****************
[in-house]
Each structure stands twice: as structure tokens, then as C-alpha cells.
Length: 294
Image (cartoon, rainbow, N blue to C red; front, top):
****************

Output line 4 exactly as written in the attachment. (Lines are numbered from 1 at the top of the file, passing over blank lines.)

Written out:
Image (cartoon, rainbow, N blue to C red; front, top):